Testing Tab Method
As a pre-module homework assignment, you can have students access this short article on new techniques to measure brain activity. This article specifically discusses brain neurology as a system and the need for novel ways to “see” into it. Taken from August 2011 HHMI Bulletin, vol. 24, No.3 “Let’s Get Small“ by Helen Fields.
Warm-up: Pass out a pre-assessment worksheet: Pre-assessment document. Encourage students to put an answer down for each question even though they may not know the answer. Lead a class discussion based on questions they may have. Collect and keep these papers. At the end of the unit, have students take the same assessment and then compare their first assessment. Discuss any lingering questions. Students could discuss the assessments in a seminar format where they compare each answer and discuss similarities and differences in their thinking. An organizing worksheet could encourage them to take turns recording. Each group could then report to the entire class any items requiring clarification or comment.
This introductory PowerPoint provides background information on high salinity environments, leading up to a case study requiring measurements of microbial populations. The case study provides a framework for the key issue explored in this instrumentation unit: How do scientists measure what we cannot directly observe with our senses? Students’ written summary of the challenges and possible solutions to this case study’s measurement problem serves as the pre-assessment about their current thinking on instrumentation.
High Saline Environments & Extremophiles (PowerPoint). There is a student worksheet to go with this.
Why does the salinity of oceans and lakes differ across the globe? (Slides 2-4)
Students examine a world map to brainstorm why the salinities of the oceans might differ. They next try to brainstorm why an inland lake—The Great Salt Lake—is saltier than the oceans. Student responses will vary, but might address overall water circulation due to a variety of factors. There could be differing incoming sources of water with varying mineral concentrations (springs, glacial or snow melt, rainfall, freshwater rivers, etc.). There may also be differences in abilities to circulate and connect to other water bodies and differing or limited means for water to leave the system. The Red Sea and the Great Salt Lake both experience high rates of evaporation.
How have human activities impacted these saline environments? (Slides 5-9)
Students are shown examples of how human activities such as pumping and creating salt fields for nutritional needs and agricultural fertilizers have altered inland saline environments such as the Great Salt Lake and Mono Lake in California. The light blue areas in the earlier Great Lakes slide are shown to be from human made evaporation ponds.
What life can survive in these high saline environments? (Slides 10-11)
Students are introduced to one example of a halophilic “salt loving” microbe from the domain Archaea — Halobacterium salinarum .
Background Note for Teachers: Contrary to what the name suggests, Halobacterium salinarum is not bacteria but rather a member of the domain Archaea. Additional information about Domain Archaea and its relationship to Eukaryotic and Prokaryotic organisms can be found in Domain Archaea.doc and information on differing types of Extremophiles can be found in Life in Extreme Environments.doc.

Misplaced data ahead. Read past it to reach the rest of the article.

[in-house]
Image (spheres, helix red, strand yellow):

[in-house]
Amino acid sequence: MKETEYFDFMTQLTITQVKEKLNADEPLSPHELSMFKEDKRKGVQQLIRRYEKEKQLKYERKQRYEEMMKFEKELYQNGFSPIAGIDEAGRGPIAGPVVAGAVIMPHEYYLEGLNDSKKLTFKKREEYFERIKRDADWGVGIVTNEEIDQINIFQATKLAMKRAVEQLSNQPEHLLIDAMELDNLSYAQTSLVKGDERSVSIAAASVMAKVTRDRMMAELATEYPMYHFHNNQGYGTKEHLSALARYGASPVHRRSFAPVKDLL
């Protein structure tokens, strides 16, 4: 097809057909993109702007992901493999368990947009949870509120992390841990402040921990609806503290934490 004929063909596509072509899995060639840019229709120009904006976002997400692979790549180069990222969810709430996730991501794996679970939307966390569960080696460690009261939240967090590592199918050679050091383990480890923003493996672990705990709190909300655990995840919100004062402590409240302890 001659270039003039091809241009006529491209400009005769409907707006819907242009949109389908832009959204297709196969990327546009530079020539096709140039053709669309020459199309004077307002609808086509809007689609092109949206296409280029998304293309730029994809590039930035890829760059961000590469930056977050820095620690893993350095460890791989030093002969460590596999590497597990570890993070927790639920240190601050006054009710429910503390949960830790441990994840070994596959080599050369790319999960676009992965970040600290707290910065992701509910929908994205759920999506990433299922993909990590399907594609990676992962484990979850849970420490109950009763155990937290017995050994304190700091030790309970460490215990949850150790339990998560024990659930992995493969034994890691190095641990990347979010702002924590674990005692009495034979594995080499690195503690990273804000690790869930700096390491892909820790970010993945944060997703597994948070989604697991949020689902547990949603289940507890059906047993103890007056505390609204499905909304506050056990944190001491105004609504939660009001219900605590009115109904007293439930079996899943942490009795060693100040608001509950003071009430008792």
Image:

Where else do these high saline environments—and possibly extremophiles–exist?
Students are shown examples of evidence that similar saline environments have existed on Mars (Slides12-14) and that saline environments deep beneath frozen surface water in Antarctica (Slide 15) could be similar to environments beneath the frozen surface of Jupiter’s moon Calisto (Slide 16).
How can we study these environments? What could we measure?
Slide 17 gives an overview of why these high saline environments are important ecological systems. Slide 18 introduces the concept of a water management plan to evaluate the needs of the ecosystem and to study the impacts of pollution. Slide 19 introduces the case study that will be the culminating project—creating a water management plan for ‘Bad Water’ in California’s Death Valley. To study the current conditions at the site, students will determine population sizes for microbial indicator species. Slide 20 introduces the focus of the unit—How do scientist use instrumentation to measure what they cannot directly observe with their senses? The students are prompted to think about how they could measure populations of extremophilic microbes in water samples. Possible challenges to the measurements include: The microbes are too small to see with the naked eye. There may be other material in the sample. The microbes’ populations in the samples will continue to change over time. The number of cells in a small sample of water could be a high number difficult to quantify or may be such a low number that they are difficult to find in the sample. Student ideas of how to measure the populations will vary. It is expected that most will discuss some direct means of physically counting the microbes (microscopes, etc.). The focus is not to lead them to the eventual solution, but rather to give students an opportunity to reflect on their current thinking about measuring possibilities & instrumentation. After the discussion, students should complete a written summary of the challenges inherent to this measuring task and possible approaches to counting the microbial populations.
Review students’ written summary of the challenges and possible solutions to measuring microbial populations. This could be done in teams and posted around the room for further discussion.
PowerPoint: Intro to the Case Study, Saline Environments & Halophiles.ppt
Student Sheets: Pre/Post-assessment, Student worksheet for Intro ppt
Extremophile ‘Wanted’ Poster, Wanted Poster Teacher Tips, “I Can Top That”